Choosing a remedy. Selecting the appropriate remedy involves matching the symptoms presented by the afflicted person with the ones that the remedy is known to cause in healthy people. Use the text’s modified materia medica, which contains the general symptoms for each remedy and the clinical chapters of the text. After reading the clinical chapter, you’ll create a table for the key symptoms and possible remedies; then, by reviewing the original set of notes made for casetaking and comparing the remedies to consider, you can narrow the choices down to the “best match.”

Lesson 1


Administering the remedy. For home use of homeopathy, the lower potencies are recommended. Remember: the frequency of the dose is more critical than the amount used. Make sure you carefully review not only the potency information and the available forms of remedies, but also the section on antidote effects. In addition, study the guidelines for the proper care of homeopathic remedies.

The remedy. For homeopathy to be effective, the fundamental rule is simple and easy to remember: Give no more remedy until the previous dose has ceased to act, no matter how long or short a time that may take. That is, the best way to determine when to repeat a dose of the remedy is by closely observing the effects of the dose given. This section of the reading assignment also offers some guidelines to follow for repeating and/or changing the remedy.

A Sample Case

A hypothetical case is presented at the end of Chapter 2, using both narrative form and the outline form for actual casetaking. Review it carefully, referring back to the related sections of Chapter 2, to help you apply what you’ve learned in a very practical, “how-to” way.

Online Activities

Watch the video “What Homeopathy Is: Correcting the Misinformation,” at 6wJRlC1EHyM. Were you familiar with any aspects of home- opathy when you started this course? How does the information in this video relate to your understanding and/or experience with homeopathy so far? Write a paragraph in which you explore your reaction to the information in this video.


Introduction to Homeopathy

Self-Check 1 At the end of each section of Introduction to Homeopathy, you’ll be asked to

Self-Check 1

At the end of each section of Introduction to Homeopathy, you’ll be asked to pause and check your understanding of what you’ve just read by completing a “Self-Check” exercise. Answering these questions will help you review what you’ve studied so far. Please complete Self-Check 1 now.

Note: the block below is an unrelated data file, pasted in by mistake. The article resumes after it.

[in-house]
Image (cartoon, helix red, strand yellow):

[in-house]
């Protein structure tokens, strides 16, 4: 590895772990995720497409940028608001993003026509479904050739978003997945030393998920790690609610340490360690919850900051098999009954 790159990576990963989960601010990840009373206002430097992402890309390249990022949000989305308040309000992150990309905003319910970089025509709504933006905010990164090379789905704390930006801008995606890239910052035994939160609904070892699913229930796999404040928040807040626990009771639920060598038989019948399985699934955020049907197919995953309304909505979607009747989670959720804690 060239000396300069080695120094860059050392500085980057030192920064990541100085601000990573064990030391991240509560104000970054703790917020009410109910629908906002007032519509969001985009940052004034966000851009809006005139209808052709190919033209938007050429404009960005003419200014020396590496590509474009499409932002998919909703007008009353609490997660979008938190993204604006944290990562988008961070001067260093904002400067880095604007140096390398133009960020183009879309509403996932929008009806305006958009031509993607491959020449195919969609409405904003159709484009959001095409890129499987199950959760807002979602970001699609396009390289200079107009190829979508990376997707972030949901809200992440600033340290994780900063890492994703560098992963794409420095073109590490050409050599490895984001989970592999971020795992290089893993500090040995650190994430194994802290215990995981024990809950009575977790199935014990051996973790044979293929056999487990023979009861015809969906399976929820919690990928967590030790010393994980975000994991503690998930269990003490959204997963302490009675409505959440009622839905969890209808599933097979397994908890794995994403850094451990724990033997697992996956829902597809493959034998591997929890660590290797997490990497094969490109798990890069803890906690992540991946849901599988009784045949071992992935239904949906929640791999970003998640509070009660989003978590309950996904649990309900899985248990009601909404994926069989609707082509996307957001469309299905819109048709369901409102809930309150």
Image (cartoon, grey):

Questions 1–10: Match the term on the left with the correct description on the right. Indicate your answer in the space provided.

1. Pathos



2. Materia medica



3. Potentization

4. Similia similibus curentur



5. Constitutional homeopathy

6. Casetaking

7. Vis medicatrix naturae



8. Modalities

9. Homoios

10. Health

  • a. Latin for “let likes be cured with likes”

  • b. Greek for “similar”

  • c. Greek for “suffering” or “disease”

    • d Latin for “the healing power of nature”

      • e. Latin for “materials of medicine”

      • f. Homeopathic approach to caring for a “constitutional” weakness

      • g. Hahnemann’s method of diluting remedy substances

      • h. Physical, emotional, and mental freedom

      • i. Collecting complete and accurate information about an illness

      • j. Factors that improve or aggravate a symptom


Lesson 1


Self-Check 1 Indicate whether each of the following statements is True or False. ______ 11. The

Self-Check 1

Indicate whether each of the following statements is True or False.


11. The concept of the minimum number of doses is predicated on the belief that once healing has begun, it’s best to do nothing more but let the process continue in its own way.


12. In the homeopathic view of disease, germs are the primary cause of infections.


13. During the process of casetaking, it’s important to note your impressions of the person’s condition, making sure to phrase his or her symptoms in your own way.


14. If a person is uncertain about a remedy, it’s best to use a lower potency.


15. Generally, the more severe the person’s symptoms, the more often the remedy would be repeated.

Check your answers with those on page 59.


Read this introduction to Assignment 2. Then read Chapters 3 and 4, pages 48–92, plus pages 345–346 in in Everybody’s Guide to Homeopathic Medicines. Also, complete the online activity as assigned.

Fever, Flu, and Colds, and Related Conditions

For this assignment, you’ll learn about common symptoms and infections and how to determine the nature of each. Your textbook reminds you of the differences in outlook between homeopathic and traditional treatment of respiratory and other conditions.


Introduction to Homeopathy